Lone refugee kids may fall prey to traffickers & rapists when Calais camp is bulldozed – UNICEF
The UN children's agency, UNICEF, warned that safeguards must be in place to protect lone children before the notorious camp is demolished by the end of the year.
“Before the bulldozers arrive, there must be robust plans to safeguard the hundreds of unaccompanied children currently stranded in the camp," UNICEF UK deputy executive director Lily Caprani said.
Referring to the February eviction of the southern part of the camp, Caprani warned that children will be at risk if the same “mistakes” happen again.
"If mistakes from the first eviction are repeated, we will see more children going missing, falling prey to traffickers and facing the winter without a home," she said in a statement to the Thomson Reuters Foundation.
UNICEF has also warned that unaccompanied child refugees face the possibility of rape, forced labor, beatings and death.
Caprani said the UK must work with France to get children into “appropriate accommodation,” where they can have access to care and legal support and reach their families in Britain safely.
The UK's current reunification policy has come under criticism from human rights groups, with more than 200 religious leaders recently calling on Prime Minister Theresa May to soften the strict rules and offer “fair and humane” reunification for refugees.
Caprani's statements came just hours after French President Francois Hollande said that France will completely shut down the camp by the end of the year, and disperse migrants across the country.
"The situation is unacceptable and everyone here knows it," Hollande said during a visit to Calais. He said the camp must be dismantled “completely and definitively," and called on the UK to help deal with the migrant flow.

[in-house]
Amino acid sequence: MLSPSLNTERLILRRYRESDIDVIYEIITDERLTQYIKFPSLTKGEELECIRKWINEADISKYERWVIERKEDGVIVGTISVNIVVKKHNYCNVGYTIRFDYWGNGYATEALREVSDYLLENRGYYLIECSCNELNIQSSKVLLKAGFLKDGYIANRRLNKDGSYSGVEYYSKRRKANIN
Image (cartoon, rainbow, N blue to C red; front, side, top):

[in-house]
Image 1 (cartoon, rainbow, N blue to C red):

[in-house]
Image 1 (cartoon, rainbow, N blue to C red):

As many as 10,000 refugees live in squalor at the 'Jungle' camp, which is Europe's largest migrant slum. The northern half of the camp has seen a surge in residents since June, up from 4,500 to 7,000, according to local authorities. However, humanitarian groups put the number closer to 9,000.
Many of the refugees attempt to cross the English Channel into Britain by climbing onto lorries and trains using the Channel Tunnel. Police are permanently deployed in the area to prevent migrants from attempting the dangerous journey.
London and Paris have struck agreements on some issues surrounding the camp, including the construction of a giant wall – nicknamed the 'Great Wall of Calais' – on the approach road to the city's port. The concrete barrier is aimed at stopping migrants from entering the UK.
The construction has been slammed by human rights groups, with Amnesty International stating that it will merely force desperate people to seek more dangerous alternatives.
Despite agreeing on the construction of the wall, and the UK paying approximately £2 million (US$2.6m) toward the project, the two sides have long clashed over how much responsibility Britain should take for the Calais crisis.
While Hollande declared on Monday that he was determined “to see the British authorities play their part in the humanitarian effort that France is carrying out” by demolishing the camp, the UK said that “the dismantling of the camp in Calais [was] a matter for the French government.” It vowed, however, to support the French government as it transfers migrants, and to resettle "vulnerable children" with links to the UK.